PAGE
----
For people with end-stage heart failure, getting a heart transplant can be the difference between life and death when all other treatments have failed.
Yet finding a suitable donor can often be difficult, which is why the medical community has turned to xenotransplantation – organ transplants from one species to another – for a solution.
The biggest hurdle to this approach, however, is the immune response in the person receiving the organ. As we’ve noted in other blog posts, this is an area where porcine tissue – and the pig’s biological similarities to humans – can be of great use.
At NIH’s National Heart, Lung, and Blood Institute (NHLBI), researchers have spent years developing ways to transplant pig hearts to primates.
“The scientists obtained a group of pigs that were genetically modified in several ways,” the NIH writes on its website.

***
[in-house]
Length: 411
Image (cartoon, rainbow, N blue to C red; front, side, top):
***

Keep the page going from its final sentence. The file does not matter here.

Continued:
“First, they lacked a key molecule known to provoke organ rejection. The pigs were also engineered to produce human proteins that suppress blood clotting and activation of the immune response known as the complement cascade—common causes of xenograft failure.”
The researchers transplanted these pigs’ hearts into five baboons and treated the apes with an immune -suppressing regimen “using an immunomodulatory drug (mycophenolate mofetil) and antibodies against key immune system components (CD40 and CD20).”
With these drugs, the pig hearts broke survival records, the longest lasting more than two and a half years, with a mean survival rate of 433 days.
Animal Biotech is proud of the role it has played in this kind of research by providing porcine tissue, live animal models as well as porcine cadavers, and look forward to helping with other medical breakthroughs.
In addition to the porcine tissue, live animal models and porcine cadavers we provide, we also offer clients expertise in the proper testing, care and housing of live animals.
Contact us today to learn how we can help you with your next project.